Houston Postal Carriers: Top 5 for dog attacks, learn coping tricks

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dogHOUSTON, TX – Delivering mail can be tough. Not only do you have to put up with heat from hell, but every once in a while you have a run in with a dog.

Valencia Washington, a mail carrier in Houston for just six months has been attacked seven times,

“Big dogs and little dogs, all the way from Chihuahuas to pitbulls.”

“The scariest one was a pack of dogs,” says Lamar Wache, who’s been carrying mail less than a year. “It was like five of them, four small ones and one big one.”

Mailman Jason Leonard was hospitalized for dog attack, “I had stopped and was like, ‘Okay, he’s on a chain.’ But when he took off running he actually broke the chain.”

And these aren’t isolated incidents. Since last October, Houston has seen 51 mail carriers suffer dog bites or threatening attacks. That puts us in the Top 5 for most bitten nationwide, so the post office decided to do something about it.

Enter dog trainer Wes Wirick with “Sit Means Sit” Dog Training with a few crucial tips for the new postal workers:

  1. “Don’t look at the dog. Don’t talk to the dog. Hands at your sides. Stand still.”
  2. “Never run and never yell. When you yell, you are amplifying the situation. You are increasing energy levels. Dogs will feed off of our energy.”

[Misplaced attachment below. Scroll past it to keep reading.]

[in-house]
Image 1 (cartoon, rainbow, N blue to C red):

3. “(When confronted) use some sort of barrier. A barrier is anything you can use to put between you and that dog.”

And then — things got real. Wes took folks outside to demonstrate what he taught, bringing out his German shepherd Eros who attacked a backpack Wes was holding.

Next, the trainer asked for volunteers. The 20 or so postal carriers were hesitant, but Rodney Stubblefield, who had seen dog attack demonstrations on TV and always wanted to try it, stepped up.

“I was kinda nervous,’ explains Stubblefield, ‘but once he grabbed on, I was okay. I didn’t feel nothing so I was okay.”

Wache was next, admitting he was “kinda scared a little bit, but after (the dog) grabbed on, I knew I wasn’t in danger.”

Then it was back to the classroom for Q & A.

“The craziest question I heard was a dog speaking Spanish,’ laughs Wirick. ‘It doesn’t matter what language they’re taught in. What you show the dog is actually more important than what you’re telling the dog to do.”

Good to know! …not just for those delivering mail, but for anyone hoping to avoid that next bite.

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